In Brazil, consumer protection is regulated by the Consumer’s Defense Code (Código de Defesa do Consumidor), as mandated by the 1988 Constitution of Brazil. Brazilian law mandates “The offer and presentation of products or services must ensure correct, clear, accurate and conspicuous information in the Portuguese language about their characteristics, qualities, quantity, composition, price, guarantee, validity and origin, among other data, as well as the risks they pose to the health and safety of consumers.”[3] In Brazil, the consumer does not have to bring forward evidence that the defender is guilty. Instead, the defense has to bring forward evidence that they are innocent.[2] In the case of Brazil, they narrowly define what a consumer, supplier, product, and services [pt] are, so that they can protect consumers from international channels trade laws and protect them from negligence and misconduct from international suppliers.

Germany, as a member state of the European Union, is bound by the consumer protection directives of the European Union; residents may be directly bound by EU regulations. A minister of the federal cabinet is responsible for consumer rights and protection (Verbraucherschutzminister). In the current cabinet of Olaf Scholz, this is Steffi Lemke.

When issuing public warnings about products and services, the issuing authority has to take into account that this affects the supplier’s constitutionally protected economic liberty, see Bundesverwaltungsgericht (Federal Administrative Court) Case 3 C 34.84, 71 BVerwGE 183.[4]


In India, consumer protection is specified in The Consumer Protection Act,of 2019. Under this law, Separate Consumer Dispute Redress Forums have been set up throughout India in every district in which a consumer can file their complaint on a simple paper with nominal court fees and their complaint will be decided by the Presiding Officer of the District Level. The complaint can be filed by both the consumer of a goods as well as of the services. An appeal could be filed to the State Consumer Disputes Redress Commissions and after that to the National Consumer Disputes RedresaRedressalsion (NCDRC).

The procedures in these tribunals are relatively less formal and more people-friendly and they also take less time to decide upon a consumer dispute[6] when compared to the years-long time taken by the traditional Indian judiciary. In recent years, many effective judgments have been passed by some state and National Consumer Forums.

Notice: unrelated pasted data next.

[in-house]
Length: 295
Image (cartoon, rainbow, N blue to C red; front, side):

Indian Contract Act, 1872 lays down the conditions in which promises made by parties to a contract will be legally binding on each other. It also lays down the remedies available to the aggregate party if the other party fails to honor their promise.

The Sale of Goods Act of 1930 provides some safeguards to buyers of goods if goods purchased do not fulfill the express or implied conditions and warranties.

The Agriculture Produce Act of 1937 act provides grade standards for agricultural commodities and livestock products. It specifies the conditions which govern the use of standards and lays down the procedure for grading, marking, and packaging of agricultural produce. The quality mark provided under the act is known as AGMARK-Agriculture Marketing.

Article 46: Consumer Rights in Kenya

(1) Consumers have the right–

(a) to goods and services of reasonable quality;
(b) to the information necessary for them to gain full benefit from goods and services;
(c) to the protection of their health, safety, and economic interests; and
(d) to compensation for loss or injury arising from defects in goods or services.

(2) Parliament shall enact legislation to provide for consumer protection and for fair, honest and decent advertising.
(3) This Article applies to goods and services offered by public entities or private persons.